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Tips For Professional Estimating Users of D4COST



Designing Within The Budget:

A Responsibility Shared By Owner And Architect

By Arthur F. O’Leary, FAIA, MRIAI


It is a traumatic experience for the owner and architect alike when the project is priced and the lowest responsible bid exceeds the available funds. Sometimes it will result in a canceled project and much disappointment, ill-will, and legal repercussions. Usually, the owner will hold the architect entirely responsible for the whole unfortunate situation.


However, it is very difficult for an architect to design within a stated budget without the active cooperation of the owner. This important concept is recognized in the AIA Owner-Architect Agreement (Document B-141, Fourteenth Edition, 1987).


The owner is required to "establish and update an (overall budget) for the project, including the construction cost, the owner’s other costs, and reasonable contingencies related to all of these costs (paragraph 4.2)." Architects should insist that owners comply in full with this provision to help minimize misunderstandings as to which elements are included in the architects’s design budget and which are not.


Often owners do not realize the magnitude of related and incidental costs and their impact on the budget The actual building cost can be and often is less than 50 percent of the overall budget including land acquisition costs. Even without the land, many overall budgets would allocate less than 60 percent to the general building cost.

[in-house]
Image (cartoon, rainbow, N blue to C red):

A suggested format for an owner’s overall budget accompanies this article. This can be used as a guide for owners who need help in compiling their cost figures. Some of their costs will be known or already have been incurred, such as land acquisition costs. All other anticipated costs will have to be estimated. If the owner does not have the means to estimate the rest of the costs, consultation should be sought with a knowledgeable building contractor, real estate appraiser, or building cost estimator. Some of the information will be obtainable by consultation with the owner’s insurance advisor, banker, accountant, and lawyer. Some architects maintain a file of current costs to assist their clients in preparation of their overall budgets.


After reviewing the owner’s overall budget form in blank, it is obvious that architectural design should not be commenced before the overall budget is fairly well developed, the total determined, and it is acceptable to the owner.